Spenser Robinson, professor and director of real estate at Central Michigan University; Elena Alschuler, head of Americas sustainability, LaSalle Investment Management; Anne Peck, vice president, head of ESG+R, TA Realty; and J.P. Flaherty, managing director, global head of sustainability and building technologies, Tishman Speyer, discussing climate-risk analytics during a recent ULI webinar.

In a recent webinar hosted by ULI’s Urban Resilience program, panelists reflected on their experiences implementing physical climate-risk assessments in their businesses.   

Following the launch of the new report, How to Choose, Use, and Better Understand Climate-Risk Analytics, the webinar highlighted how to leverage the report’s findings on physical risk data analytics products to better evaluate climate risk in the land use industry.   

The number of climate analytics data, software, and consulting services has been increasing due to the increased frequency of extreme weather events due to climate change. The new report from ULI, in partnership with LaSalle Investment Management, answers the following questions:   

  • How do physical risk analytics firms measure climate change, and what do they measure?   
  • How are real estate investment firms assessing and addressing physical risk data in their business today?  
  • To what extent, if any, is current physical risk priced into commercial real estate?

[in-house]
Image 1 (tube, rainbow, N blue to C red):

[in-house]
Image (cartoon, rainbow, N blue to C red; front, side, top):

• How can real estate investors and climate-risk analytics providers improve decision-making?  

Anne Peck, vice president, head of ESG+R, TA Realty, shares, “There’s more than 60 groups out there now available to provide [analysis of climate risk] so you know, evaluating who you’re going to use and understanding the methodologies that they provide. So you can match theirs with yours, right? So however your corporation wants to view it and evaluate it’s important to align those.”   

“You should be asking lots of good questions and trying to understand what the underlying data is, meaning many of the providers are selling the same data set in different ways. You should ensure that you’re not just buying a much more expensive set of outcomes with the same data because the colors look better or the report is a little longer. There are good questions to be asked to the diligence of the providers, and you should definitely be doing those things, but you should go ahead and use [a climate-risk analytics provider],” said J.P. Flaherty, managing director, global head of sustainability and building technologies, Tishman Speyer.   

“It’s so interesting that everybody said [in the report], ‘We’re not seeing it in the market, but we’re doing this,’ you know, and I think that you know also reflects who was interviewed, right, because the real estate industry is very big, very diverse, and there’s probably a lot of people out there who are not thinking about it. But there are a small and growing number of owners and investors who really are thinking about it,” said Elena Alschuler, head of Americas sustainability, LaSalle, “Even between the three of us on this conversation and the others that were interviewed for this report, you know, we’re all doing it different ways.”   

The webinar opened with a presentation by report co-author and webinar moderator Spenser Robinson, professor and director of real estate at Central Michigan University.  

Read more about the state of the climate-risk analytics market and how to evaluate climate-risk analytics providers in the new research report, How to Choose, Use, and Better Understand Climate-Risk Analytics.   

Watch the recording of the “How to Choose, Use, and Better Understand Climate-Risk Analytics” webinar on ULI’s Knowledge Finder today.